Monday, May 28, 2007

Building Foundations with Foster Teens

I just stumbled across the most inane article on building a relationship with teen foster kids. I won't give you a link because that would just generate traffic and it doesn't deserve it -- besides I'd have to find it again. Don't worry though I'm not talking about anything any of you wrote. This was from 2000.

Anyway, it suggested things like paying attention to what the kid likes and then surprising them with thoughtful gestures. Right. Because making traumatized, angry, frightened teenagers feel safe is just like making friends at camp.

It made me so annoyed that I decided to give my own list what I do, or try to do, that seems to help.

When kids first move in:

1. Explain the basic rules, including what they are allowed to do. Remember that basic rules do differ from home to home. So I tell kids these sorts of things:
- I have an "open kitchen." They are allowed to help themselves to food if they are hungry. I tell them if there is anything that is meant for a recipe and should not be eaten.
- I tell them the hours during which electronics are allowed.
- I ask them to tell me when they plan to get into the shower so I don't turn the dishwasher on and freeze them out.
- etc.

2. Have a list of basic safety rules, also called boundaries. Mine are:
-Everyone treats everyone else (and their property) with respect.
-Everyone knows where everyone is.
-Everyone contributes.
-Everyone does their job.
These are basic. The kids have to agree to follow them to live with us. Of course they will break them. They will mouth off, disappear, "forget" to do their agreed-upon chore, and cut school. What they have to do though is accept that these are the rules. If they show a basic refusal to follow them then they cannot live with me. We may maintain our relationship, but not in the same house.

3. Put aside the notion that good parenting means helping them to be better people. I know, it sounds shocking. Think about it from their perspective for a minute. Suppose you lost your apartment and a friend let you move in. Your friend might be fussier than you are about keeping everything tidy, and you will try to respect that because it is her house. However, when she decides that you need to exercise regularly and insists that you walk three miles before you can do whatever you want to do, how do you feel? I find that helping them to become more honest, considerate and hard working is a gradual process. If I have a part in that it will happen only after we have developed a relationship, which will take months if not years.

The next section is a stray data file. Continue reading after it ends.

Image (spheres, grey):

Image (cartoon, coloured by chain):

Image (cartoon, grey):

4. Remember that what is a big deal to you might seem ordinary to them. Think for a minute about how you express anger. Think about how you anticipate a child being angry at you. What is okay? What crosses the line? How would you deal with that? When my kids were small and they got angry they might say, "I hate you!" My response, on my good days anyway, was "I understand you are angry." When a teenager who has witnessed and been the victim of severe abuse gets angry she may call scream, "You f'ing c*nt!" The appropriate response is to take a deep breath and say, "I understand that you are angry." Then BE QUIET and listen. Don't take it personally. Don't escalate into anger with them. Breathe deeply and remember it is not about you. When they calm down, it may be a good time to explain that that language is not acceptable. Perhaps in your house there is a consequence for using foul language. Impose it calmly. (I'm not saying this is easy. G-d knows it is more than I can manage sometimes).

5. Listen to them. When they are ready to talk, stop what you are doing, give them your undivided attention and listen.

6. Don't push emotional closeness. They have been hurt and disappointed before. They won't want to get attached to you until after they trust you. That can take a while. Just give them a safe and respectful place to live and let them attach to you when and if they are ready. Remember that loving you can feel like an act of betrayal to someone else. It might help to think of yourself as a mentor, not a mommy (or daddy).

7. And there is nothing wrong with noticing things they like and surprising them with a thoughtful gesture. Go ahead, remember their favorite ice cream and pick some up for them. Buy the book because you know they loved another one by the same author. But don't be surprised if, especially in the beginning, they look on your offering with scorn, refusing to be "bought."

What about the rest of you? What would you add to the list?

4 comments:

  1. Wow,

    I'm so impressed. You always inspire me with your insights. I try to think of your writing when I have a challenge, either in parenting or at work.

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  2. Good rules and something I should have had when new kids moved in.
    I'll have to remember this for the future!

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  3. Brilliant. Thanks. I'm sure you know I need this.

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  4. Good list. Your one about not making them better people is especially important. I think it applies to school, too. You can't force a 16-18 year old student to study or "catch up." You can make it uncomfortable for them if they choose to not do a certain amount of work, but it can quickly turn into a self-destructive gambit on their part to "control" you.

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